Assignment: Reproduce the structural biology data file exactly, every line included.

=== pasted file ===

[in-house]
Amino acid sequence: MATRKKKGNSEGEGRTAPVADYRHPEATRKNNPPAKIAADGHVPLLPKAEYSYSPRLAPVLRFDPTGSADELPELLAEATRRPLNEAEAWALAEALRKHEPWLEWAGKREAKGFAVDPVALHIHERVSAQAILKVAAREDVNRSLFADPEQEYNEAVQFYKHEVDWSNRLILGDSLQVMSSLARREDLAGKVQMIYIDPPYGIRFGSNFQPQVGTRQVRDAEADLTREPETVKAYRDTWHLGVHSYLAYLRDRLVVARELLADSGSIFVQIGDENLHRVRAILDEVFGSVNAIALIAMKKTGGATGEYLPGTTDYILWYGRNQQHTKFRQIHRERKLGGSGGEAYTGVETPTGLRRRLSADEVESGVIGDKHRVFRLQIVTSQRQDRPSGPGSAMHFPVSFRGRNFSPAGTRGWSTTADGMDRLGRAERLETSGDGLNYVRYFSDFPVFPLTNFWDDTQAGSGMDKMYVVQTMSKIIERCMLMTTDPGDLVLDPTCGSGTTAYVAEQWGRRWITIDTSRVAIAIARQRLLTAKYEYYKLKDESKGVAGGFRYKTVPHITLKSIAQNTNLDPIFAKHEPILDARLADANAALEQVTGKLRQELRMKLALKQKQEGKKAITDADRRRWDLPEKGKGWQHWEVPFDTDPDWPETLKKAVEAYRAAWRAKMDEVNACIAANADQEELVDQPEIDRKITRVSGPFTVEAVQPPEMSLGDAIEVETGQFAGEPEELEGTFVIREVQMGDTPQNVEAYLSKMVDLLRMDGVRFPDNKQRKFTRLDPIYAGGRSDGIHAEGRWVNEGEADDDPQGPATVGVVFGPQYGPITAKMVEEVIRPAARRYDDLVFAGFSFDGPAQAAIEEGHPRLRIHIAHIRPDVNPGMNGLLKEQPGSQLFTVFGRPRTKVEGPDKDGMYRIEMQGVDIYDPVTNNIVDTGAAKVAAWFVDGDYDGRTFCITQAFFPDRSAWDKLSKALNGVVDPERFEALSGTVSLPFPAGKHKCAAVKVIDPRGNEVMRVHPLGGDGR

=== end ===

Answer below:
[in-house]
Amino acid sequence: MATRKKKGNSEGEGRTAPVADYRHPEATRKNNPPAKIAADGHVPLLPKAEYSYSPRLAPVLRFDPTGSADELPELLAEATRRPLNEAEAWALAEALRKHEPWLEWAGKREAKGFAVDPVALHIHERVSAQAILKVAAREDVNRSLFADPEQEYNEAVQFYKHEVDWSNRLILGDSLQVMSSLARREDLAGKVQMIYIDPPYGIRFGSNFQPQVGTRQVRDAEADLTREPETVKAYRDTWHLGVHSYLAYLRDRLVVARELLADSGSIFVQIGDENLHRVRAILDEVFGSVNAIALIAMKKTGGATGEYLPGTTDYILWYGRNQQHTKFRQIHRERKLGGSGGEAYTGVETPTGLRRRLSADEVESGVIGDKHRVFRLQIVTSQRQDRPSGPGSAMHFPVSFRGRNFSPAGTRGWSTTADGMDRLGRAERLETSGDGLNYVRYFSDFPVFPLTNFWDDTQAGSGMDKMYVVQTMSKIIERCMLMTTDPGDLVLDPTCGSGTTAYVAEQWGRRWITIDTSRVAIAIARQRLLTAKYEYYKLKDESKGVAGGFRYKTVPHITLKSIAQNTNLDPIFAKHEPILDARLADANAALEQVTGKLRQELRMKLALKQKQEGKKAITDADRRRWDLPEKGKGWQHWEVPFDTDPDWPETLKKAVEAYRAAWRAKMDEVNACIAANADQEELVDQPEIDRKITRVSGPFTVEAVQPPEMSLGDAIEVETGQFAGEPEELEGTFVIREVQMGDTPQNVEAYLSKMVDLLRMDGVRFPDNKQRKFTRLDPIYAGGRSDGIHAEGRWVNEGEADDDPQGPATVGVVFGPQYGPITAKMVEEVIRPAARRYDDLVFAGFSFDGPAQAAIEEGHPRLRIHIAHIRPDVNPGMNGLLKEQPGSQLFTVFGRPRTKVEGPDKDGMYRIEMQGVDIYDPVTNNIVDTGAAKVAAWFVDGDYDGRTFCITQAFFPDRSAWDKLSKALNGVVDPERFEALSGTVSLPFPAGKHKCAAVKVIDPRGNEVMRVHPLGGDGR